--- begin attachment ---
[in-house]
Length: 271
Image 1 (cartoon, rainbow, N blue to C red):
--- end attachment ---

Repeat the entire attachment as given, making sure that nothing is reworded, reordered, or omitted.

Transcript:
[in-house]
Length: 271
Image 1 (cartoon, rainbow, N blue to C red):